Two scriptures sustained Immaculee during the nightmare of the next days, as she and her daughter joined the ragged file of refugees who clutched a few scant belongings in plastic bags and escaped the country. All she had known of her life was lost, replaced by a nightmare of hellish proportions. They were without food or water or place to lay their heads except along the banks at the roadside where they might just as easily be mistaken for the dead while they slept. But this scripture from Isaiah sustained her: “For the mountains shall depart, and the hills be removed; but my kindness shall not depart from thee, neither shall the covenant of my peace be removed, saith the Lord that hath mercy on thee” (Isaiah 54:10). In the chaos that had become her world, she still had this to cling to.

She wondered too about the covenant to which God referred in Ezekiel 16: “Nevertheless I will remember my covenant with thee in the days of thy youth, and I will establish unto thee an everlasting covenant.” Where was this covenant?

Tossed from one refugee camp to another, Immaculee found no peace. Added to the violent hatred of the soldiers which was bred as surely in the camps as in the killing fields of Rwanda was an even more dreaded enemy–disease. The water, thick as soup, was filled with waste, and consequently cholera drained people of their bodily fluids and left them corpses in twenty-four hours. One woman with whom she lived lost three children in one day.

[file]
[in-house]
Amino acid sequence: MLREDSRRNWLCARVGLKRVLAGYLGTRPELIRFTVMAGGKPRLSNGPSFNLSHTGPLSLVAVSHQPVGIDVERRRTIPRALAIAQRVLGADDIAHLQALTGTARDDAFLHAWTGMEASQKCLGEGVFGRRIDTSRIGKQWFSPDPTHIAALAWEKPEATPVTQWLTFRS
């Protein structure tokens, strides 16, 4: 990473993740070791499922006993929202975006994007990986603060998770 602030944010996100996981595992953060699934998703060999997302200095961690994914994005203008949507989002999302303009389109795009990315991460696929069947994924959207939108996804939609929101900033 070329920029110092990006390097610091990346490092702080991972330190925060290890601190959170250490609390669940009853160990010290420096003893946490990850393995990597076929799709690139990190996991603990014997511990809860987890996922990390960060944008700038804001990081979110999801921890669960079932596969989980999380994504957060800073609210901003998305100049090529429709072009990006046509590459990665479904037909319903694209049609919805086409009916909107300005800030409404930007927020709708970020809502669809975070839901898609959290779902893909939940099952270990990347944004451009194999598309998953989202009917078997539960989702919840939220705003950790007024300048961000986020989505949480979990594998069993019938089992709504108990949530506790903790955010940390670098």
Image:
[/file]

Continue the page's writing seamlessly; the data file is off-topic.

During the next three years Immaculee moved from Zaire to Swaziland and last to South Africa. She had become a woman without a country and nearly without an identity. The blank, lost hopelessness was intensifed when she finally got word that her husband had been killed while on duty in Zaire. Now Aloysia, too, was gone. For her own good, she had left her in Swaziland with a family who could care for her. Immaculee found herself alone in a room in Johannesburg, South Africa, tended to by others only because they felt some compassion for her.

Doctors could never explain the reason for what happened next. Perhaps it was that her fragile system had taken all the horror it could bear. or because the gnawing worry about the well-being of her husband and relatives had eaten at her nerves, but her limbs began to freeze up. Slowly her arms and legs stopped responding to messages from her nervous system. She could no longer walk, and her hands became paralyzed like claws.

“My kindness shall not depart from thee.” “I will remember my covenant with thee.” Sometimes she could remember these words, and they sustained her. Sometimes in her despair she forgot them.

Then, at last, living in a single room over a store front in Port Elizabeth, South Africa, she received a copy of the Book of Mormon from a friend. It caught her eye because it was another testament of Jesus Christ whom she already loved. After several weeks, she began to wonder, couldn’t someone help her get in touch with the people who knew about this gospel? A friend tried to call the local LDS church for her, but they got no answer. She was ready to give up, when another friend from Burundi saw her book and said, “I know these people. I will get their missionaries for you.”

When Immaculee learned about covenants, she cried; when she learned that Heavenly Father had broken the silence of centuries in the First Vision by calling Joseph by name, she was pierced to the heart. Here was a God who knew his name and must then surely know hers. After all the years of being lost and tossed about, after unimaginable pain and heartache, she felt that she had at last been remembered.

Immaculee Twagiramungu, survivor of the Hutu-Tusi civil war, was baptized a member of the Church of Jesus Christ of Latter-day Saints in June 1998. Her daughter, Aloysia joined the Church in January 1999.


2001 Meridian Magazine.  All Rights Reserved.